Effects of migration and remittances on child's time allocation: evidence from Burkina Faso, Nigeria, and Senegal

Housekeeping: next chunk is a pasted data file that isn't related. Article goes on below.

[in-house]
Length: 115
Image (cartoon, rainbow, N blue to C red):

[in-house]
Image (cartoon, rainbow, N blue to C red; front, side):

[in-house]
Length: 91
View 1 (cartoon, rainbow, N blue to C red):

This paper investigates the effects of international migration and remittances on children‟s time allocation in three west African countries (Burkina Faso, Nigeria and Senegal). We focus on children of age 6 to 15 and distinguish three activities: school attendance, paid work and non paid work. We account for endogeneity and selection using instrumental variable following Lewbel (2012) approach. To gain a better understanding of how family migration and remittance-receipt affect children‟s activities, we separate the migration from the remittance effect. We find that jointed effects of migration and remittances have positive impact on school attendance, negative effects on paid work but mitigated effects on non paid according to the country. The findings show also that migration and remittances do not have the same effects on child's activities. In the all three countries the effects of migration and remittances on education and paid work are opposite. Indeed not distinguish migration and remittances effects could leads to biased results. From a policy perspective, our results support three implications. First, the importance of distinguishing between the impacts of remittances and migration must be consider. Second, as remittance can substantially contribute to raise investments in child‟s human capital, policies that aimed at increasing remittance flows by lowering remitting costs or by offering matching funds can prove particularly helpful. At national level, migration must be integrated in the local development programs for a better use of the remittances. Third, government and development agencies should increase effort to collect national and regular disaggregated statistics on migration and remittances. For this end, a strong partnership between national statistic agencies, academics and donors is useful.
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